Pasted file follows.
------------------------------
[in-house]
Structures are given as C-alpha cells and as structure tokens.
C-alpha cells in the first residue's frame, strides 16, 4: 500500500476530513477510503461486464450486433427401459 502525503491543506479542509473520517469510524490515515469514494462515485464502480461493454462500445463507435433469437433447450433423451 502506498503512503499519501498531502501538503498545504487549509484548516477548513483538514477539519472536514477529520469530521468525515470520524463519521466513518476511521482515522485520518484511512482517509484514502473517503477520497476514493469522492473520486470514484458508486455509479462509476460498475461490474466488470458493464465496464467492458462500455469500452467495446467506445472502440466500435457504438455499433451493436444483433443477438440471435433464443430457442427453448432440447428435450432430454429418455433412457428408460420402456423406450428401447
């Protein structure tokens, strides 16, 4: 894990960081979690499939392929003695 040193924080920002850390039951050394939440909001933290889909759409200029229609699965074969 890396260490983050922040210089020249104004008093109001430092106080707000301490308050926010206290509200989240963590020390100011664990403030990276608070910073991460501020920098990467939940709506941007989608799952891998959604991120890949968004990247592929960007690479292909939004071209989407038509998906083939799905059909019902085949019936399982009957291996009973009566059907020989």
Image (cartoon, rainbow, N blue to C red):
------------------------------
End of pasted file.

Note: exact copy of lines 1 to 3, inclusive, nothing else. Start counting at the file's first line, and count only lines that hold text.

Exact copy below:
[in-house]
Structures are given as C-alpha cells and as structure tokens.
C-alpha cells in the first residue's frame, strides 16, 4: 500500500476530513477510503461486464450486433427401459 502525503491543506479542509473520517469510524490515515469514494462515485464502480461493454462500445463507435433469437433447450433423451 502506498503512503499519501498531502501538503498545504487549509484548516477548513483538514477539519472536514477529520469530521468525515470520524463519521466513518476511521482515522485520518484511512482517509484514502473517503477520497476514493469522492473520486470514484458508486455509479462509476460498475461490474466488470458493464465496464467492458462500455469500452467495446467506445472502440466500435457504438455499433451493436444483433443477438440471435433464443430457442427453448432440447428435450432430454429418455433412457428408460420402456423406450428401447